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COUNTRY FUZZ PRESENTS PRESENTS: A Thousand Horses
There’s no one correct way to forge a successful career in the music industry, although possessing certain qualities gives artists a head start. Ambition is a must—as is grit, a penchant for hard work and staying positive. Being committed to creative forward motion is also key, as bands that are continually challenging themselves musically often land in exciting new places. A Thousand Horses check all these boxes, as might be obvious from the title of their second full-length, Let The Band Play On. In the last half-decade, the Nashville quartet—vocalist Michael Hobby, guitarists Bill Satcher and Zach Brown, and bassist Graham DeLoach—has landed a Billboard country airplay No. 1 single (the platinum-certified “Smoke”) and a debut album (2015’s Southernality) that peaked in the top 20 of the Billboard Top 200. The self-assured Let The Band Play On builds on this momentum. Although the album certainly maintains familiar A Thousand Horses influences—”Carry Me” is a sonic homage to the Black Crowes, while “Livin’ My Best Life” echoes John Mellencamp’s hits-filled ’80s heyday and “Drinking Song” is a soulful country rocker—it also boasts crisp songwriting that resists pigeonholing.
“When we have songs that we think are awesome, the best thing we can do for ourselves is make a record,” says Zach Brown. “The idea is always just keep moving forward, keep making music and keep pressing on.” Accordingly, Let The Band Play On is a fresh, contemporary spin on gospel-tinged heartland rock, barnstorming country, bar-band anthems, and even retro classic rock—highlighted by the midtempo ballads “Startin’ Fires” and “Define Me,” both of which boast intricate electric guitar bursts; the twangy ’90s alt-country throwback “Don’t Stop”; and the bluesy hard rock stomp “My Time’s Comin’.” “We didn’t want to put any kind of rules on the music,” Brown says. “We were trying to come up with the best collection of songs—whatever that meant. It was like, ‘Let’s just create what naturally comes out, the best songs possible, and then see what happens.’ We were trying not to be too concerned with, ‘How is this going to be marketed? What is this genre?'” Adds Hobby: “You always try to beat your past work—get better songs, better singing, better songwriting, better playing. We wanted this to feel like a classic, timeless record with great songs. I think you can hear how much fun we had making it.” Let The Band Play On is also something of a professional full-circle moment for A Thousand Horses. The album was produced by Grammy-winning producer Dave Cobb (Jason Isbell, Brandi Carlile), who also oversaw the group’s self-titled 2010 EP and 2015 full-length debut, Southernality.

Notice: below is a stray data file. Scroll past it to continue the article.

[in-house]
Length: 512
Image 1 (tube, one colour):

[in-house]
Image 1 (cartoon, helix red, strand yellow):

To strengthen this professional relationship even further, A Thousand Horses signed to Cobb’s Low Country Sound imprint on Elektra Records to release Let The Band Play On. “Dave’s been a long-time supporter of the band,” Brown says. “He’s always really believed in us and gets our vision, and always has. I mean, we named our band in his studio 10 years ago. It’s amazing this journey we’ve had with him.” Adds Satcher: “Dave is a brother. It’s great to get in there and make records with your friends. He is like an additional member of the band in that situation.” Appropriately, to record Let The Band Play On, the members of A Thousand Horses hunkered down and spent three weeks with just Cobb in the producer’s home base, the legendary RCA Studio A. “I know a lot of people do this differently, and may track at different places and different times,” Brown says. “But for us, it works the best when all four of us can all get together and make that magic.” The recording process started out with a group approach, with all four members sitting in the studio lounge playing through prospective songs acoustically, to work out arrangements, instrumentation and a sonic direction. A Thousand Horses then tracked these songs several times, until they landed the perfect take—a testament to their desire to put forth their best work. “I know for me personally—and I know Bill is like this too—we’re always thinking, ‘Did we do it the best we could have done it?'” Brown says. “Or ‘What about this guitar part—could we play this better?'” That attention to detail extends to A Thousand Horses’ lyrics. At its core, Let The Band Play On is an optimistic record: “My Time’s Comin'” is a pep talk to someone facing adversity, while “Livin’ My Best Life” and “Drinking Song” extoll the virtues of letting loose, feeling good and embracing joie de vivre. “It’s our stories in our life that we put to paper,” Hobby admits. “There’s a little bit of heartbreak on the album, although a lot less than it used to be. We all are married, I just had a child, and we’re happy in our love lives, so it’s hard to write about a breakup when you’re not going through one.” Accordingly, Let The Band Play On’s songs focus on gratitude for a supportive partner (“Every Time You Love Me”) or embrace the passion of an on-and-off relationship (“Don’t Stop Breaking My Heart,” which Hobby co-wrote with Angelo Petraglia and Jonathon Singleton). Satcher notes “Define Me,” co-written with Hobby and Lee Thomas Miller, is “a love letter to my wife” that praises her many virtues: “You’re the streetlight in the dark on a road that runs forever/ Under a midnight sky with no headlights.”